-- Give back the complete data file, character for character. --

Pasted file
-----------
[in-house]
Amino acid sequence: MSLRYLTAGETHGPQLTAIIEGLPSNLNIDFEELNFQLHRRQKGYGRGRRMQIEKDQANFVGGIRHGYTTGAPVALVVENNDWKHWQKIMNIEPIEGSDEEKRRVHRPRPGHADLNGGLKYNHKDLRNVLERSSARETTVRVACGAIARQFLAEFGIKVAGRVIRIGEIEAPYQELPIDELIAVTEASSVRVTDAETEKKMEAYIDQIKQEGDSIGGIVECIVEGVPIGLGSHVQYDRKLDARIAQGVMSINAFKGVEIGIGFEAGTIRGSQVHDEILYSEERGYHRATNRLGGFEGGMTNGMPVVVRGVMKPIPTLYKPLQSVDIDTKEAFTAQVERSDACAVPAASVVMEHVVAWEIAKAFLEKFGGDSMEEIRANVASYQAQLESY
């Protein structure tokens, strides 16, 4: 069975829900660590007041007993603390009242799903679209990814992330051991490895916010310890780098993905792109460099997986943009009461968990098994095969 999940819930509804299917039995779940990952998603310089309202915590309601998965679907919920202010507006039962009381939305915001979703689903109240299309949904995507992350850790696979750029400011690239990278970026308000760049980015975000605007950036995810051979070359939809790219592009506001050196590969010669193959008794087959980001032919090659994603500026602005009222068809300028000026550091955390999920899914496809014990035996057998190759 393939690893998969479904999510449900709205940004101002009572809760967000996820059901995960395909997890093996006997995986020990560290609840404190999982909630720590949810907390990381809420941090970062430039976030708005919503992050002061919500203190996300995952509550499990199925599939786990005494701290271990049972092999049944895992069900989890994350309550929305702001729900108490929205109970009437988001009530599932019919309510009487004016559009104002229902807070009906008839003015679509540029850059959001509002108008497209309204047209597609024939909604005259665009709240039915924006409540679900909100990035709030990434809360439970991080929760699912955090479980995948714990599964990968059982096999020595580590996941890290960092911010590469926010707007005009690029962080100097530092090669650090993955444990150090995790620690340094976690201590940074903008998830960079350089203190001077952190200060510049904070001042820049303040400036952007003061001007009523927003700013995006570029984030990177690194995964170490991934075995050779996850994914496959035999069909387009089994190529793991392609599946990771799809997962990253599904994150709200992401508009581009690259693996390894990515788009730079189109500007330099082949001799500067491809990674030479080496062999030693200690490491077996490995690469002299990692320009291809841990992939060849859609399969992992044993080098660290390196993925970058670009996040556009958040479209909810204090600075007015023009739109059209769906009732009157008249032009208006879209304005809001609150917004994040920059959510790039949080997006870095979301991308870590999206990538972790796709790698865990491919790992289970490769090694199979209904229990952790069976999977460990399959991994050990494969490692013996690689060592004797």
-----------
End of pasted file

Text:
[in-house]
Amino acid sequence: MSLRYLTAGETHGPQLTAIIEGLPSNLNIDFEELNFQLHRRQKGYGRGRRMQIEKDQANFVGGIRHGYTTGAPVALVVENNDWKHWQKIMNIEPIEGSDEEKRRVHRPRPGHADLNGGLKYNHKDLRNVLERSSARETTVRVACGAIARQFLAEFGIKVAGRVIRIGEIEAPYQELPIDELIAVTEASSVRVTDAETEKKMEAYIDQIKQEGDSIGGIVECIVEGVPIGLGSHVQYDRKLDARIAQGVMSINAFKGVEIGIGFEAGTIRGSQVHDEILYSEERGYHRATNRLGGFEGGMTNGMPVVVRGVMKPIPTLYKPLQSVDIDTKEAFTAQVERSDACAVPAASVVMEHVVAWEIAKAFLEKFGGDSMEEIRANVASYQAQLESY
């Protein structure tokens, strides 16, 4: 069975829900660590007041007993603390009242799903679209990814992330051991490895916010310890780098993905792109460099997986943009009461968990098994095969 999940819930509804299917039995779940990952998603310089309202915590309601998965679907919920202010507006039962009381939305915001979703689903109240299309949904995507992350850790696979750029400011690239990278970026308000760049980015975000605007950036995810051979070359939809790219592009506001050196590969010669193959008794087959980001032919090659994603500026602005009222068809300028000026550091955390999920899914496809014990035996057998190759 393939690893998969479904999510449900709205940004101002009572809760967000996820059901995960395909997890093996006997995986020990560290609840404190999982909630720590949810907390990381809420941090970062430039976030708005919503992050002061919500203190996300995952509550499990199925599939786990005494701290271990049972092999049944895992069900989890994350309550929305702001729900108490929205109970009437988001009530599932019919309510009487004016559009104002229902807070009906008839003015679509540029850059959001509002108008497209309204047209597609024939909604005259665009709240039915924006409540679900909100990035709030990434809360439970991080929760699912955090479980995948714990599964990968059982096999020595580590996941890290960092911010590469926010707007005009690029962080100097530092090669650090993955444990150090995790620690340094976690201590940074903008998830960079350089203190001077952190200060510049904070001042820049303040400036952007003061001007009523927003700013995006570029984030990177690194995964170490991934075995050779996850994914496959035999069909387009089994190529793991392609599946990771799809997962990253599904994150709200992401508009581009690259693996390894990515788009730079189109500007330099082949001799500067491809990674030479080496062999030693200690490491077996490995690469002299990692320009291809841990992939060849859609399969992992044993080098660290390196993925970058670009996040556009958040479209909810204090600075007015023009739109059209769906009732009157008249032009208006879209304005809001609150917004994040920059959510790039949080997006870095979301991308870590999206990538972790796709790698865990491919790992289970490769090694199979209904229990952790069976999977460990399959991994050990494969490692013996690689060592004797």